In recent decades, behavioral scientists around the world have partnered with government agencies and large institutions to enhance program impact and solve pressing societal problems. However, this body of empirical research and its practical applications have not usually been accessible to the multitude of people on the front lines of service delivery, crisis response, and community building. The ideas42 Behavioral Design Center was established to help New York City non-profit staff identify and ameliorate behavioral barriers that emerge in service delivery and civic engagement efforts, with a particular focus on alleviating poverty. Through workshops, co-design projects, and Office Hour coaching sessions, the BDC teaches staff of community-based organizations (CBOs) how to apply behavioral approaches to reduce these barriers, increase the utilization of their services, and make good programs even more effective.
This is the second post in a series about BDC Office Hours, which allow our small team to provide a diverse array of non-profit program staff and managers with practical, individualized assistance in a timely manner. The first post in this series showcased examples of enhancing communications to better capture the target audience’s attention and make programs salient to people who could benefit from them. In this post, we’ll be taking a closer look at another of the most common themes:
- Overcoming obstacles to client engagement and persistence
Many of our Office Hour clients and project partners struggle with participant drop-off—people register for a program, attend some sessions or read some online materials, but then fail to respond to important program emails or texts, stop coming regularly, or don’t take advantage of online or community resources that would help them attain their goals.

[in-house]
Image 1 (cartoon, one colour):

Making Student Intake Agreement More Effective
For example, the Goddard Riverside Options Center, which supports New York City students in applying to and completing college, requested BDC help in revising the intake agreement that high school students fill out before beginning the college counseling program. In discussing what problem(s) were motivating the revision, we learned that students were not consistently reading and responding to program emails. These emails often contain time-sensitive information and requests related to the college application process. Therefore, our recommendations focused on how to make the agreement more engaging to the student reader, and more effective in encouraging consistent attention to program emails and ongoing communication between students and staff.
Agreement before and after
Based on our advice, the Options Center made significant changes, transforming the form from a text-dense page of eight legal-sounding agreements covering points from the initial phase of the program through the college years, to three short items. The new items, illustrated with icons, focus on facilitating communication between students and counselors, including language about how it benefits the student. To emphasize the collaborative nature of the relationship, the Options Center changed the title of the form from “Student Agreement” to “Communication Plan,” and removed “I will” student commitment statements. Counselors’ names and contact information are now prominently featured to make it easy for students to reach out to them.